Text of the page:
Outside the daffodils and forsythia were blooming, but the group assembled in Nashville, Tennessee, hardly took notice. At the GAP-Net Site Optimization Conference, held February 27–March 1, representatives of 61 academic and private clinical trial sites had eyes and minds trained on efforts aiming to improve how Alzheimer’s disease clinical trials are done—and after years of prep work, some of those efforts are starting to blossom. The changes come as the field needs to get ready for rapid growth prompted by impending Medicare changes for cognitive screening reimbursement.
Sponsored by the Global Alzheimer’s Platform (GAP) Foundation, this meeting convened trialists to mingle, exchange notes on what works and what doesn’t, and learn from each other. Most of the 160 attendees labor on the front lines of AD clinical trials—and their meeting emphasized practical and operational issues. Part 1 of this series focuses on recruiting; Part 2 reports on speeding IRB reviews and other issues.
GAP-Net launched in 2016 with the goal of reforming AD trials. In Nashville, the group took stock. Its leaders declared success with targeted help for sites to recruit participants locally, with a central IRB to cut down start times, and the deployment of GAP liaisons who run interference between sites and sponsors to keep everyone in step. And its foot soldiers networked. In panel discussions, presentations, a barbecue dinner with live country music, and a speed-dating-style brainstorming session, the group generated more youthful energy than a typical research conference.
“The interaction between site staffs is a big plus of this meeting,” said Gad Marshall, Brigham and Women’s Hospital, Boston. “We’re sharing notes, commiserating, and on the way are helping each other become more efficient. This has been eye-opening for a lot of sites, and helps galvanize people in a common mission, rather than competing separately. This a very important part of what GAP does.”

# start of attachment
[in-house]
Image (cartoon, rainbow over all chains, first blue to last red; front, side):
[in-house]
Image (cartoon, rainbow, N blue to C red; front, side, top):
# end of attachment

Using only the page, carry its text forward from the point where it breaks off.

Reengineering AD Trials
Three years ago, GAP Foundation cofounders George Vradenburg and John Dwyer conceived GAP-Net to re-engineer the painfully slow, inefficient processes and systems underpinning Alzheimer’s disease drug evaluation (Aug 2016 conference news). A private foundation, GAP worked to raise money from charities and pharma companies to speed the pace of testing of new treatments for AD (Cummings et al., 2016). They initially sought to boost web-based recruiting of research participants, promote new trial designs, and raise more funds for research. Then, GAP proposed to establish a standing clinical trial network in North America that would use common procedures and dedicate itself to increasing the speed and quality of AD trials.
GAP-Net now encompasses 73 sites—32 academic and 41 private—supported by staff at the GAP Foundation (see site list). GAP brings a business consulting style and analytic eye to every aspect of trial conduct, from recruitment and retention to financial management, data handling, and research quality monitoring. This scrutiny and support for continual process improvement distinguishes GAP-Net from other AD trial networks in the U.S.
GAP-Net currently participates in three drug programs involving 48 of its sites. TRAILBLAZER is Eli Lilly’s Phase 2 test of donanemab, aka N3Pg, an antibody targeting pyroglutamate-modified Aβ; half of the TRAILBLAZER sites belong to GAP-Net. GAP did not disclose the others, but their descriptions fit TANGO, Biogen’s Phase 2 trial of its anti-tau antibody BIIB092, and Graduate, a Phase 3 registration study of Roche’s anti-Aβ fibril antibody, gantenerumab. Dwyer reported that GAP is considering requests to facilitate several more trials.